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Oh, Mom!

by Gary D. Penkala

Mom and Son Do you remember when you were in Middle School [or Junior High, for us more mature readers], and your mother said, "Better get started on that science project." Your response:

"Oh, Mom!"

"It's cold outside; wear your gloves."

"Oh, Mom!"

"I really want us all together for dinner tonight."

"Oh, Mom!"

We were just beginning our rebellious years, exploring some new-found freedoms, testing boundaries, tasting independence, and generally focusing on ME.

At the end of the 20th century, an awful lot of music directors and organists, and dare I say priests and bishops, were acting very much like that teenager… myself included. We rebelled against what was perceived by many to be a "constraining" Latin liturgy. We explored the freedom to sing in the vernacular. We tested boundaries of music at Mass, which were stretching to accommodate Joan Baez, Simon & Garfunkel, and Bob Dylan. We shed the Propers [if we ever knew them], claiming independence from the Graduale and the Missal. We boasted that WE were in charge of music at Liturgy.

Mom and Son Fortunately, just as with age and maturity we'd come to know that Mom really was right, many of us involved with Roman Catholic liturgy and music have come to see that Holy Mother Church is right, too. She, as a true mother, hopes to guide and form us on our way.

Progress has been made; that is, we've grown up:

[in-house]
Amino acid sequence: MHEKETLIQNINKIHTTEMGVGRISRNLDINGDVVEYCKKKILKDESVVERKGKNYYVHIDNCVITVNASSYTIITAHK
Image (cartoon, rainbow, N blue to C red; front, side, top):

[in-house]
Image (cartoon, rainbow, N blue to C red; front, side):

• We've accepted the Lectionary readings given for each Sunday, without trying to replace them with something else.
  • We're (for the most part) singing the correct Responsorial Psalm text, instead of using paraphrased "psalm-songs."
  • We don't make up prayers for Mass, and we don't change the Creed anymore (at least not without some degree of disdain from the congregation).
  • We celebrate the liturgical seasons in the correct liturgical colors.
  • First Reconciliation happens before First Communion in the parish.

But we've still got a long way to go before becoming mature Catholic musicians and liturgists:

  • We still totally ignore the Propers [Introit, Offertory, Communion], replacing them with songs and hymns.
  • We still feel omnipotent, as if WE control the texts and the music for worship.
  • We don't sing what we should — the dialogues between priest and people.
  • We sing what we shouldn't — Peace-Rite songs, Lamb of God tropes.
  • We weary the people with tediously profuse singing, often turning the Mass, for example, into a "tent-revival-hymn-sing" by scheduling three or more songs at Communion time.
  • We continue to let secular culture bleed into our liturgy, using musical styles and instruments that smell like nightclubs and rock concerts.
  • We exhibit uncontrolled disdain toward that which belongs in liturgy: Gregorian chant (our music) and Latin (our language). Often this "allergy" is so virulent that even tiny doses of chant or Latin cause liturgical hives that just can't be scratched.
  • We still eat the same Four-Hymn Sandwich that we did in the late 1960s. Can't we freshen up the menu? And look at that — how ironic — 7th century Gregorian chant is now called "fresh"!

Are we ready to grow up liturgically? Holy Mother Church invites us to pray the liturgy, to sing the liturgy, as she's handed it on to us. How patiently she's watched her teenage children shout, "I don't care what you say. I want to do it my way!

Can we turn liturgical-20 tomorrow? Let's throw a party!

Article written 26 May 2015

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